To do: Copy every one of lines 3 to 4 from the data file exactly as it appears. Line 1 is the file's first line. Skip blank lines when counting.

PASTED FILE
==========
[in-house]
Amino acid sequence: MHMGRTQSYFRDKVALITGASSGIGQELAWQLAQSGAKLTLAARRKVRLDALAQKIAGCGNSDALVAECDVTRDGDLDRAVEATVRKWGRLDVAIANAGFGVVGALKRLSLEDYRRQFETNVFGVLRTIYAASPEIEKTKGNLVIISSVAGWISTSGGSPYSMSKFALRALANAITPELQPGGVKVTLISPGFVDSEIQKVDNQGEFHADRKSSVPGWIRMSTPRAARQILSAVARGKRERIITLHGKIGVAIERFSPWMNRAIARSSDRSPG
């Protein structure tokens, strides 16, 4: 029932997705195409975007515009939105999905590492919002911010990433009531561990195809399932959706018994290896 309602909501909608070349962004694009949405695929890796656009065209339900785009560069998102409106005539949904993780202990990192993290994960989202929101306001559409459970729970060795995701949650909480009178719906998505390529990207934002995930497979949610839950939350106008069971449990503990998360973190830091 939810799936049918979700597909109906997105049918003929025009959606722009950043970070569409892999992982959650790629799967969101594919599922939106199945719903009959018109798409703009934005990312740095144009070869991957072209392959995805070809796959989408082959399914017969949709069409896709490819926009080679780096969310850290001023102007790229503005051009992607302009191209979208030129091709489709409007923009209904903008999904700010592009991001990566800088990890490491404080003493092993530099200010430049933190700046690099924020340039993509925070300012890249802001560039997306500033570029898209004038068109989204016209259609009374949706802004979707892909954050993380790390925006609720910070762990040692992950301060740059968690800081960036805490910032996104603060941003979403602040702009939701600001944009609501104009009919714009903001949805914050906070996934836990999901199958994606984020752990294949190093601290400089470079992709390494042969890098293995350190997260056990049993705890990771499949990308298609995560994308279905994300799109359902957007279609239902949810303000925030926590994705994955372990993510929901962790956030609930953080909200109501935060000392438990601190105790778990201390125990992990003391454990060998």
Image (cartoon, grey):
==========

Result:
């Protein structure tokens, strides 16, 4: 029932997705195409975007515009939105999905590492919002911010990433009531561990195809399932959706018994290896 309602909501909608070349962004694009949405695929890796656009065209339900785009560069998102409106005539949904993780202990990192993290994960989202929101306001559409459970729970060795995701949650909480009178719906998505390529990207934002995930497979949610839950939350106008069971449990503990998360973190830091 939810799936049918979700597909109906997105049918003929025009959606722009950043970070569409892999992982959650790629799967969101594919599922939106199945719903009959018109798409703009934005990312740095144009070869991957072209392959995805070809796959989408082959399914017969949709069409896709490819926009080679780096969310850290001023102007790229503005051009992607302009191209979208030129091709489709409007923009209904903008999904700010592009991001990566800088990890490491404080003493092993530099200010430049933190700046690099924020340039993509925070300012890249802001560039997306500033570029898209004038068109989204016209259609009374949706802004979707892909954050993380790390925006609720910070762990040692992950301060740059968690800081960036805490910032996104603060941003979403602040702009939701600001944009609501104009009919714009903001949805914050906070996934836990999901199958994606984020752990294949190093601290400089470079992709390494042969890098293995350190997260056990049993705890990771499949990308298609995560994308279905994300799109359902957007279609239902949810303000925030926590994705994955372990993510929901962790956030609930953080909200109501935060000392438990601190105790778990201390125990992990003391454990060998």
Image (cartoon, grey):